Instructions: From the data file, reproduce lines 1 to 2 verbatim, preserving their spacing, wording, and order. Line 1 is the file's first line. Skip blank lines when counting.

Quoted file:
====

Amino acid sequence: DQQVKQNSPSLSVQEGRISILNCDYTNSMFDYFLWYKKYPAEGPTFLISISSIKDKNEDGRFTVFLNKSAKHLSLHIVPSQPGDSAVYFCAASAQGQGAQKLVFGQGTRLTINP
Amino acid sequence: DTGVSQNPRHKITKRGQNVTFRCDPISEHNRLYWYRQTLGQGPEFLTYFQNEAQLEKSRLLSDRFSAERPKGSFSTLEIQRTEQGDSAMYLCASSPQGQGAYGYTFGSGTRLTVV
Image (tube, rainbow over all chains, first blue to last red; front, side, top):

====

Amino acid sequence: DQQVKQNSPSLSVQEGRISILNCDYTNSMFDYFLWYKKYPAEGPTFLISISSIKDKNEDGRFTVFLNKSAKHLSLHIVPSQPGDSAVYFCAASAQGQGAQKLVFGQGTRLTINP
Amino acid sequence: DTGVSQNPRHKITKRGQNVTFRCDPISEHNRLYWYRQTLGQGPEFLTYFQNEAQLEKSRLLSDRFSAERPKGSFSTLEIQRTEQGDSAMYLCASSPQGQGAYGYTFGSGTRLTVV